Friday, June 29, 2012

Cristina Ortiz plays Choros #11

Cristina Ortiz plays the piano and John Neschling conducts OSESP in Choros #11. What an amazing piece!

Thursday, June 21, 2012

Villa-Lobos & Abel Carlevaro

Villa-Lobos (second from the left in the back row) stands next to the Uruguayan guitarist Abel Carlevaro, in a photo taken in Petropolis, Brazil, on December 12th, 1943. Carlevaro had premiered the Preludes for Guitar in Montevideo the previous year. Villa's wife Armindha is seated in the front row, 4th from the left.

This is from an excellent Spanish-language web-page which includes an interview with Carlevaro about his relationship with Villa-Lobos.

Wednesday, June 20, 2012

Suite for Voice & Violin

The Suite for Voice & Violin is one of Villa-Lobos's most important modernist works, written during his Paris stay in 1923. "That this proved a vintage year for him was attributable more to a sense of liberation than to the cultural shot-in-the-arm provided by the French capital." - Wilfred Mellers, Singing in the Wilderness, Urbana: University of Illinois Press, 2001, p. 85.

Featured in this performance from The Playground Ensemble are soprano Megan Buness and violinist Sarah Johnson. The 2nd & 3rd movements are posted on YouTube as well.

Tuesday, June 5, 2012

Quintette Instrumental from Brasilia

The Quintette Instrumental is one of my favourite chamber works of Villa-Lobos. It's a late work (written in 1957) for flute, harp & strings that's very reminiscent of the Ravel/Debussy inspired music of the 1920s. This version features the Dolce Duo and friends, from the Escola de Musica de Brasilia. All three movements are up on YouTube.

The popularity of the Bachianas Brasileiras

The concerts database at The Villa-Lobos Website goes back more than 10 years. I try to include every important concert I come across. Every once in a while I report on the relative popularity of certain works. Here's the latest on Villa's Bachianas Brasileiras:
No surprise that #5 comes out on top, with 342 concerts. Probably half of the performances are of the Aria alone. As well, I think more than half are either in the arrangements Villa-Lobos himself made for voice & guitar or for voice & piano, or in another of the many versions for flute or cello, guitar ensemble, or accordion.

Next, with 218 is #4, with more performances of the piano version than the orchestral one. Lately I'm seeing more orchestras (especially youth orchestras) playing only the first movement.

A significant subset of #2 concerts include only the Little Train movement - either in the original scoring or jazz or MPB versions. This shows up so often that one can think of it as a National Song.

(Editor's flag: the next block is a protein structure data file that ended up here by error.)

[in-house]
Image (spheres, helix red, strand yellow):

BB#9 includes mainly the version for strings, though the choral version has become more popular in the past few years.

BB#1 is fairly common, with 79 performances. When 8 cellos are rounded up to perform #5, the first Bachianas Brasileiras is often included in the program. As well, there seem to be more cello ensembles out there, and this is one of the most important works for "an orchestra of cellos." I just wish more would play the other rare works that Villa wrote for the orchestral combination he helped to invent.

With only two performers required for #6, there are quite a few concerts out there. There aren't too many works from other composers for flute & bassoon.

BB#7 is one of my favourite works, and I'm quite surprised there are only 30 concerts in total. I'm actually surprised in the opposite way that there are as many as 24 performances of BB#3, which is a big, sprawling piano concerto. And BB#8 brings up the rear with only 16 performances; it deserves more!

Monday, June 4, 2012

43rd Festival Internacional de Inverno de Campos do Jordão

The 43rd Festival Internacional de Inverno de Campos do Jordão begins on July 1st, and this year's festival includes 10 concerts with pieces by Villa-Lobos. Included are concerts by Quarteto Radamés Gnatalli, the Brazilian Guitar Quartet, the Aulus Trio, Claudio Cruz & Antonio Meneses, the Quarteto de Cordas da Cidade de São Paulo, Marcelo Bratke & Camerata Brasil, and Quarteto OSESP. Important orchestral works include Uirapuru and Bachianas Brasileiras #7.